An eel mys­tery

Waipa Post - - Front Page -

As a young child grow­ing up on an Ir­ish farm, one of Eimear Egan’s chores was to reg­u­larly clean out the well where her fam­ily drew its drink­ing wa­ter.

In the well lived a large eel that, no mat­ter how many times it was shifted, just kept com­ing back.

“I was trau­ma­tised by it for years,” Eimear says. “It bit me sev­eral times.”

The eel got the last laugh. Now Dr Eimear Egan, a NIWA fresh­wa­ter ecol­o­gist based in Hamil­ton, is study­ing eels and what makes them tick.

She is lead­ing a team that re­cently se­cured a grant from the Min­istry of Busi­ness, In­no­va­tion and Em­ploy­ment En­deav­our Fund for a three-year pro­ject which will en­able her to do “some very ex­cit­ing re­search” on both longfin and short­fin eels.

The eels spend a por­tion of their life in ma­rine and coastal en­vi­ron­ments. Once the adults reach sex­ual ma­tu­rity in fresh­wa­ter they mi­grate to the western Pa­cific Ocean to re­pro­duce.

Lar­vae are trans­ported by ocean cur­rents back to New Zealand’s coast­line where they de­velop into glass eels, up to 7cm long. The ma­rine phase of their life cy­cle is mys­te­ri­ous and poorly un­der­stood. Eimear and her team will be study­ing the ear bones of glass eels to learn more about their spawn­ing lo­ca­tions and lar­val oceanic move­ments.

“Longfin eels are only found in New Zealand, and ac­cord­ing to the New Zealand threat rank­ings, they are at risk and de­clin­ing. At the mo­ment, we don’t really have a good un­der­stand­ing of their early life his­tory in­clud­ing lo­ca­tions of spawn­ing grounds and lar­val mi­gra­tion routes.

“This in­for­ma­tion is im­por­tant be­cause we don’t know if the num­bers of glass eels mak­ing it to New Zealand are af­fected by pro­cesses hap­pen­ing dur­ing their ma­rine life. We are go­ing to use some quite novel meth­ods to help fill in these knowl­edge gaps. That’s where ex­am­in­ing glass eel ear bones comes in.

“Ear bones can tell us so much in­for­ma­tion about the en­vi­ron­ment a fish ex­pe­ri­ences on a daily ba­sis. Each day they add a layer of cal­cium car­bon­ate which is al­most like keep­ing a di­ary of their lives.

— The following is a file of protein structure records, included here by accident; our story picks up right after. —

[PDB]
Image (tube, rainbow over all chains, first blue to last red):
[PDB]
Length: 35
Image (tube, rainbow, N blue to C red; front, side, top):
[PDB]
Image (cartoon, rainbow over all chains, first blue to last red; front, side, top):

“They tell us about their growth, their spawn­ing and hatch­ing dates, about the chem­istry of the en­vi­ron­ment they live in, about their diet and move­ment. And be­cause of that daily layer we can po­ten­tially fig­ure out what routes the lar­vae took to get to the New Zealand coast­line.”

They use mi­crostruc­ture — pol­ish­ing the ear bones by hand un­til the daily rings be­come vis­i­ble.

“Then we can in­ter­pret dis­tinct rings or check marks that co­in­cide with when the lar­vae first feed and when they change from lar­vae into glass eels. We can mea­sure the dis­tance be­tween rings to fig­ure out daily growth rates, we can count the rings to es­ti­mate age and the date the lar­vae hatched.” The sec­ond tech­nique in­volves us­ing chem­istry to es­ti­mate the tem­per­a­tures the lar­vae have ex­pe­ri­enced at sea. Eimear is hop­ing anal­y­sis of the eel tis­sue will help pin­point where in the western Pa­cific Ocean the lar­vae might have come from.

“We’re us­ing these tech­niques in the hope we can un­der­stand if they are com­ing from dif­fer­ent places within the western Pa­cific Ocean, and whether long and short­fin eels share spawn­ing grounds and lar­val mi­gra­tion routes.”

Glass eels ar­rive at the mouths of rivers in pulses, wait­ing for suitable con­di­tions to en­ter. Dur­ing the early part of the sea­son, they tend to mi­grate into rivers on the in­com­ing tide, es­pe­cially on the spring tides of new and full moons or after heavy rain­fall.

Once in fresh wa­ter, glass eels take sev­eral days to ad­just be­fore they mi­grate fur­ther up­stream.

There is ev­i­dence of a world­wide de­cline in re­cruit­ment of glass eels, par­tic­u­larly for Euro­pean and Ja­panese species­be­cause of cli­mate change, loss of habi­tat, pol­lu­tants, over-fish­ing and ob­sta­cles to mi­gra­tion.

In April NIWA sci­en­tists will un­der­take a pro­jectwhere mi­grat­ing fe­male eels will be tagged and their lo­ca­tion com­mu­ni­cated to satel­lites to help pin­point their spawn­ing grounds in the ocean.

Photo / Stuart Mackay

NIWA fresh­wa­ter ecol­o­gist Dr Eimear Egan is head­ing a three-year study into eels.

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